From the Video Shop: Four B-Horror Flicks Starring Boris Karloff

Neil Turner


Before I Hang
  • 1940 - United States - 62 minutes
  • Writers - Robert Hardy Andrews and Karl Brown
  • Director - Nick Grinde
  • My Rating - 3 of 5 Stars

The Black Room
  • 1935 - United States - 70 minutes
  • Writers - Henry Myers and Arthur Strawn
  • Director - Roy William Neill
  • My Rating - 4 of 5 Stars

The Boogie Man Will Get You
  • 1942 - United States - 66 minutes
  • Writers - Edwin Blum and Hal Fimberg
  • Director - Lew Landers
  • My Rating - 3 of 5 Stars

The Man They Could Not Hang
  • 1939 - Country - 64 minutes
  • Writers - Karl Brown and George Wallace Sayre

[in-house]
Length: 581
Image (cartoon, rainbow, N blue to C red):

• Director - Nick Grinde
  • My Rating - 4 of 5 Stars


Four of Boris Karloff's B-horror films have just been released on DVD packaged as "double feature" discs. Of course, Karloff is best known for his roles as the Frankenstein monster and the mummy, but during his long career, he starred in many very entertaining films. My all-time favorite of those little known films is The Black Cat in which he costars with Bela Lugosi. It has recently been released in a collection of Lugosi films.

For those of you too young to know what a B-movie is, they were the television programs before television. They usually played as a double feature in local movie houses - usually on Saturday mornings with the evening showing being reserved for a major movie. My neighborhood movie theater was the Seminole Theater in Seminole Heights, a suburb of Tampa, Florida. Admission to the Saturday morning movies was fifteen cents. This was a time when it was safe for a ten-year old boy to walk the mile of so to the movie and enjoy some good entertainment. This is where Roy Rogers became my hero. Enough of this stroll down memory lane!